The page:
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Bison Blonde Makes Its Debut

A toast to Milwaukee’s new beer

Aug. 27, 2008
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Milwaukee has given birth to another beer! Looking to lighten up a stressful career as a marketing and public relations consultant, Craig Peterson pursued a more easygoing, fun way to spend his time: brewing beer. As an added bonus, the formation of the Buffalo Water Beer Co. in 2007 helps to quell the sting of our city losing yet another national brewing company.

With the assistance of Jim McCabe and the Milwaukee Brewing Co.’s brewery on Second Street, Peterson perfected the recipe for his company’s flagship beer, Bison Blonde Lager. The brew is made in accordance with the Bavarian purity law of 1516, which states that the beer can only be made with water, barley and hops. The standards have since added yeast, which wasn’t included in the original text because it wasn’t known to be an ingredient in beer. Peterson says his intention was to create a flavor profile that balances the slow burn of a spicy Buffalo wing, a mainstay on appetizer menus around the country.

The brew also had to be light enough that the thirsty could drink a few without feeling too heavy or bloated. “I wanted to make the toughest beer there is to make,” Peterson explains. “While an ale takes 16 to 20 days to manufacture, a lager takes six weeks and it’s very difficult to mask any imperfections.”

Bison Blonde is quite an accomplishment, especially for a beer company’s first brew. The lager has a deep golden color and a pleasant citrus aroma. Its body is fizzy and light, the carbonation just right for cleansing a palate that’s been involved with some spicy foods. Unlike a dark ale with high bitter counts, the flavor of hops in the Bison Blonde is subtle and doesn’t clash with fiery flavors. The beer’s alcohol by volume measurement is pretty tame at 4.4%, lessening the odds that a few too many Bison Blondes will cause the overindulgent to reacquaint themselves with those wings.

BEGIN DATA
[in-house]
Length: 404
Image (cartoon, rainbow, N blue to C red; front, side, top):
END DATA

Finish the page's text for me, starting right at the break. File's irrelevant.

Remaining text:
Without a tasting or a recommendation, how does a customer decide on a brand while standing in an aisle filled with rows of micro-beers? Packaging. Peterson knows this and has created a convincing marketing plan that encourages the buyer to try the beer just once. After that, he allows the Blonde to speak for herself. The branding for the Buffalo Water Beer Co. is Americana in feel, its logo an image of the great American bison that was the centerpiece of an American $10 bill in the early 20th century. Buffalo Water also refers to the intersection where the company is located, the corner of Buffalo Street and Water Street in Milwaukee’s Third Ward. Bison Blonde is quickly and thoroughly making its way into stores, restaurants and bars throughout the state. Early on, Peterson scored a lucrative retail account with Woodman’s Food Markets, an employee-owned supermarket chain based out of Janesville that is one of the largest sellers of craft beers in Wisconsin.

Whether you’re indulging in a swanky dinner at the Wisconsin Club or grabbing a slice at Transfer, Bison Blonde makes an appearance.

Peterson said he next intends to create a nutty brown ale with more hops and a dash of pepper. After that, an American wheat beer. Then, perhaps, a seasonal Weiss beer in time for summer. Like the plaque on his office desk reads, Peterson likes to “Dwell in Possibility.”


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